Equipping Your Facility. Part 3

Type of facility

Before purchasing equipment,DeMars advises owners toask themselves, “Who am I trying to attract to my facility?” A gym that caters to bodybuilders, for example, will focus on strength equipment, while a fitness facility that is more mainstream will need to feature more cardio. Treadmills have the widest appeal, but elliptical trainers are a close second, according to Musselman, who says members are preferring elliptical trainers over stairsteppers. People in their 20s like to useclimbers, so be sure to offerthese if you want to attract a young, cutting-edge crowd. Seniors and deconditioned members like recumbent bikes, so including these in your facility can draw people in during off-hours.

Manufacturer and equipment reputation

Before buying equipment, make sure that the company and its equipment are reputable.One way to accurately gauge the reputation of a certain manufacturer is to ask for referrals. Calling gym owners and asking about their experiences with a certain company can provide insight into manufacturers’ products and customer service. Most high-level equipment today is a good product, says DeMars: “Equipment choices are getting better and better. We’ve surpassed the learning curve [and] have a lot of fine equipment to choose from.” Musselman says, “It comes down to a sales relationship. Buy from people you’re comfortable with.” DeMars suggests that buyers avoid equipment that hasn’t been in the field for awhile and proven how it will hold up. He says thatowners should ask, “What does it take to keep this equipment in line with serving customers? Is it a maintenance and cleaning nightmare?”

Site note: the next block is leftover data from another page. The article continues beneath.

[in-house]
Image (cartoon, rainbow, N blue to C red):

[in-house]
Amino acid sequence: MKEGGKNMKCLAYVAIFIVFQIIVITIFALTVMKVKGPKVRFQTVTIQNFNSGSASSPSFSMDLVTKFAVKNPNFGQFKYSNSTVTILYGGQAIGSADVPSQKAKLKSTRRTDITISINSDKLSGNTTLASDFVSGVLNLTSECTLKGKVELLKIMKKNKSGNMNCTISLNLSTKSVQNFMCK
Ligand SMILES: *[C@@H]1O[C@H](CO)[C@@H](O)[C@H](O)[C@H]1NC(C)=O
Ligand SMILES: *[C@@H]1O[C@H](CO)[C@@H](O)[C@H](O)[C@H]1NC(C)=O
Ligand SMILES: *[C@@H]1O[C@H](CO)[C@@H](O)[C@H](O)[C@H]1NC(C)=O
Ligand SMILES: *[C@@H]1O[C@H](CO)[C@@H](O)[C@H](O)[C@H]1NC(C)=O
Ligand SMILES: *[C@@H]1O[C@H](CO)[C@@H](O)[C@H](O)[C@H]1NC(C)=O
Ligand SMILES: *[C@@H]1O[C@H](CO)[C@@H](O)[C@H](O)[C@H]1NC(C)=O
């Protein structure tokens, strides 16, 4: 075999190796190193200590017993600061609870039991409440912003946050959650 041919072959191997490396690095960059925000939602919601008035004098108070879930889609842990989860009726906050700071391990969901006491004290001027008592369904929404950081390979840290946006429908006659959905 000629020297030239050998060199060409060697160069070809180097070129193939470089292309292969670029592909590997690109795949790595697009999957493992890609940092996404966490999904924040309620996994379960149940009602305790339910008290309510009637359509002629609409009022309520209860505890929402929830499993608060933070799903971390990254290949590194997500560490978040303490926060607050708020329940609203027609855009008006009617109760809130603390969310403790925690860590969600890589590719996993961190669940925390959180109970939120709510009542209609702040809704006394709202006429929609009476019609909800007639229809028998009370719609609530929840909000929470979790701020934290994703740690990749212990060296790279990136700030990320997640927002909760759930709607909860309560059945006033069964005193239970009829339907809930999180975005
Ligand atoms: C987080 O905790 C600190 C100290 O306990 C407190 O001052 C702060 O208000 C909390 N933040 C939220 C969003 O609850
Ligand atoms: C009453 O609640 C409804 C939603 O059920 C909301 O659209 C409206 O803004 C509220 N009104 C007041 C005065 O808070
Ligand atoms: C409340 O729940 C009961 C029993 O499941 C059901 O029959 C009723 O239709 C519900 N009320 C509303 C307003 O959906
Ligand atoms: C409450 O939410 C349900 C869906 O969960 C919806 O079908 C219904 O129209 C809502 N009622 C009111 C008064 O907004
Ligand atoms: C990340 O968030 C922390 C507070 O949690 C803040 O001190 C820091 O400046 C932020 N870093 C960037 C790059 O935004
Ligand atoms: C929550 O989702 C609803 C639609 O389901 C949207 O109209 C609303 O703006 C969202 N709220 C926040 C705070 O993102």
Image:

Maintenance. While it may initiallybe cheaper to shop around and obtain the best possible price for each type of equipment, this could prove more expensive in the long run, says Stauble: “You have to consider the number of manufacturers you want maintenance workers to have to deal with…. If you’re just using your budget, you could end up with six manufacturers.” By paying a littlemore for some pieces, you can keep the brands consistent and only have to train workers in equipment from these companies. He also advises that owners follow the “two or none rule,” and purchase at least two of each piece of equipment for comparison during maintenance. Customers also like camaraderie: They like to work out together.

Another maintenance issue is upkeep. Will it cost you more to maintain a cheaper piece of equipment than an initially more expen sive piece?

Time availability. How fast can the manufacturer deliver? If you are operating on a tight deadline, this could be your most important issue.

Brand awareness.If you have a small budget, make sure you purchase a few brand-name pieces to give your gym credibility. “Brand awareness is important,” says Musselman. “You absolutely want a brand name.” He recommends that small-budget facilities buy at least some brand-name equipment. Be careful, though, Musselman warns: Sometimes members “squabble” over certain pieces of equipment, especially if you offer just a few brand-name pieces.

On the other hand, as long as some of the equipment is well-known, members will be satisfied. “What matters to members is their time,” according to Musselman. “If I come to a gym at eight o’clock on a Monday night, I want to get on a treadmill, and I could care less what brand it is,” he says. The “ability to get on a machine and get out of a gym,” says Musselman, is a great marketing tool. To ensure adequate access for the most popular equipment, he says, “I always recommend buying eight by a ‘no-name’ rather than two brand-name pieces.”

A house improvement just like kitchen remodelers it is a successful, great manner to increase value of home and modernize place which you, your family use and see each day.

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